Doctor insights on:
Natural Cure For Vasculitis
I have recently been daignosed with vasculitis. Lumps occur on my body any time. I want to know about the disease and its cure. Can it be cured?
Possible PAN: You need to speak with the doctor treating you. Have you seen a rheumatologist? It may be what is classically called pan. It can be controlled but not cured. ...Read more
Hard to cure: Vasculitis or arteritis can be associated with many conditions. If collagen vascular, like lupus, medication may control, if giant cell arteritis, such as temporal arteritis, steroids might totally reverse. In most other cases, chronic treatment with medication over years is necessary. Since most of these disorders are autoimmune, success may be on the horizon in some cases. ...Read more
Yes it can: A vascular medicine physician can perform treatment to get rid of livido vascularis. ...Read more
Is there any herbs/supplements can help lvc vasculitis? Where can I buy? F 56 yo having lvc vasculitis many years prefer natural med. Than drugs thx.
Not really: I assume that you mean lcv, leukocytoclastic vasculitis. There are no good data on alternative therapy. Dhea has been shown to be a possible adjunct to conventional threapy in lupus erythematosus. Others have no good data. Lcv can range from mild to life-threatening disease. Accordingly, conventional therapy is mandatory, unless (rarely) a cause for the disease can be found. ...Read more
Is there anyway to find out the cause of idiopathic leukocytoclastic vasculitis and treat that naturally instead of going on methotrexate?
No and yes: Certainly the known possible causes of lcv should be looked for but if it is determined to be idiopathic, the cause is unknown. Treatment ranges from no treatment required at all to Methotrexate to other medications. Natural or herbal remedies have not been shown to have any conclusive effect but then again, medications are not always required. Mention your concerns to your doctor. ...Read more
Inflammation: Vasculitis is literally an inflammatory condition involving blood vessels. There are many types which can be quite benign or can cause major problems such as blockage of major arteries, or even a stroke. If you have been diagnosed with vasculitis, you should discuss the implications with a vascular specialist. ...Read more
Cranial means brain: If someone has cranial vasculitis, I would assume that the brain is involved suggested a severe illness and requires urgent treatment. Some patients may have mild vasculitis which may just affect the skin and overall is mild. Again, what organs are affected will dictate how severe and different the vasculitis is. ...Read more
Many Causes: Vasculitis is inflammation of blood vessels. It can show signs in the skin. But it may also be internal and affect many organs. There are a wide range of causes and they should be evaluated promptly. In general, it can be caused by infection, medications, auto inflammatory conditions, cancer, as well as many others. If it is serious, it can lead to death. Get is checked out. ...Read more
Vasculitis: Vasculitis is an inflammation of the blood vessels and both arteries and the veins can be affected. The inflammation is caused by a type of white blood cell that sticks to the blood vessel, creating a cascade of inflammation (and destruction). There are many types of vasculitis: only some have been linked to an initial infectious component (kawasaki's) but none have been found to be catchy. ...Read more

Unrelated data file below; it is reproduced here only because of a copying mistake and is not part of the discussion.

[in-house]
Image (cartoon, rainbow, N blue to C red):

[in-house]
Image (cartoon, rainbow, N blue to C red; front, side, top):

Disease or Syndrome?: Wegener's granulomatosis (wg), more recently granulomatosis with polyangiitis (wegener's) (gpa), is an incurable form of vasculitis (inflammation of blood vessels) that affects the nose, lungs, kidneys, and other organs. Due to its end-organ damage, it is life-threatening and requires long-term immunosuppression. five-year survival is up to 87%, with some of the mortality due to toxicity of rx. ...Read more
Maybe??: It is used to treat intermittent claudication resulting from obstructed arteries in the limbs. Pentoxifylline improves blood flow through peripheral blood vessels and therefore helps with blood circulation in the arms and legs (e.g. Intermittent claudication). It does not treat vasculitis, per se! Additional meds in a rheumatology war chest are needed! ...Read more
Serious illness: Wegner's granulomatous angiitis is caused by antibodies against a particular protein in neutrophils. Once uniformly fatal, it is now usually managed with strong medications by specialists. The eyes, ears, throat, lungs and kidneys are the usual targets. Wegener's greatness as a physician is tarnished by his having served the third reich, though not in the death camps; some avoid his name. ...Read more
See details: This is a serious systemic vasculitis characterized by inflammatory in medium-sized arteries. Clinical manifestation often start with chronic sinusitis or recurrent lung infiltrates but multiple organs can be involved including the kidneys. It must be treated aggressively to prevent serious complications. See a rheumatologist. ...Read more
See details: It is a form of vasculitis effecting medium sized arteries and associated with a positive canca blood test. It usually begins as chronic sinusitis but with time can effect many other organ systems including eyes, heart, kidneys, joints, lungs and the nervous system. There are very effective treatments available. ...Read more
Several types: Generally you'll want to see two types of physicians for your vasculitis, which is a general term for inflammation of the blood vessels. The first is a vascular surgeon who can recognize all the vasculitidies and offer operative treatments for blockages and aneurysms that arise as a result of vasculitis, and the other is a rheumatologist who can offer medical therapies to slow the inflammation. ...Read more
Read below: Vasculitis' can be congenital or acquired. They can lead to extremity pain, vision changes, aneurysms and headaches. ...Read more